Labor promises to axe FASEA rules

Alex Burke,  Senior Writer,  No More Practice Education

According to Labor MP Stephen Jones, the time to recognise past experience in financial advice is well overdue. 

Speaking at an event hosted by the Association of Independently Owned Financial Professionals (AIOFP), Jones once again denounced the Government's handling of FASEA and the advice profession in general, pointing to the exodus of around 11,000 advisers since 2018 as evidence of the "egregious injuries Scott Morrison has inflicted on [the advice] industry." He added that the sharp decline in advisers precipitated an estimated 28% jump in fees, which "puts the cost of financial advice well beyond the reach of countless numbers of Australians."

"These are startling figures that should cause alarm for a Prime Minister that likes to pretend he’s all about giving a go to those who get a go," Jones continued, "but like so much that this Prime Minister does, it’s all slogan and no program."

Unlike the LNP, Jones said, Labor "[recognises] the value financial planners have in our system" and will, if elected next year, "properly recognise [advisers'] experience" by no longer requiring advisers to undertake a bachelor's degree if they have 10 or more years' experience and a "good record" under their belt. 

"To be clear," he noted, "we are in no way scrapping the professional standards reforms. We will still expect advisers to pass their professional exams, and meet continuing professional development requirements, and abide by an appropriate professional code of ethics. But we won’t be asking you to waste your time on degrees you don’t need."

As a campaign promise, Jones' comments will undoubtedly be compelling for those advisers who have long held that FASEA swayed too far from the intent and wording contained in the explanatory memorandum accompanying the original Corporations Amendment (Professional Standards of Financial Advisers) Bill. They also reflect the extent to which professional standards have become something of a political battleground now that the overseeing Minister has the authority to make significant changes to the existing legislation under the new post-FASEA structure. 

And ultimately, it's difficult to argue with the numbers. Whether or not one chooses to hold FASEA individually responsible, a near-40% drop in the number of advisers since its introduction paints a pretty clear picture.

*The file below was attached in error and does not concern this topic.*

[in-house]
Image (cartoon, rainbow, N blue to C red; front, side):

The open question is: would what Jones is proposing make a significant difference at this stage? Or is it too little, too late? 

At around the same time Jones gave his speech, FASEA announced that 82% of active advisers on ASIC's register have passed the exam – although the most recent round of exams, held in November, saw the lowest pass rate on record (52%). Particular areas of underperformance were (again) practical applications of the Code of Ethics and how Chapter 7 of the Corporations Act applies to the provision of SOAs/ROAs and client case studies – an area of financial services law that is currently under heavy review by the Australian Law Reform Commission (ALRC), which described it as "the most complex on the Commonwealth statute book."

That so much here (including the Code of Ethics, Chapter 7 and the future of FASEA or its post-Better Advice equivalent) remains up in the air is likely destabilising even for those advisers with FASEA-approved qualifications. 

Proper recognition of professional experience – should it happen – is a good start, but there's a lot more work to be done in 2022.


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Frank Tsirigotis

15/12/21

Too little , too late ! The damage has already been done ! Labor are such hypocrites they started all this compliance nonsense with FOFA - FDS and the Opt in requirements.

Nick Christan

15/12/21

Bit rich coming from the 'red tape' specialists. These guys (left wing and greens) started all this with all the FOFA crap. RED SHIRTS, RED SOCIALISTS = RED TAPE. The 'rules and regulation' party.

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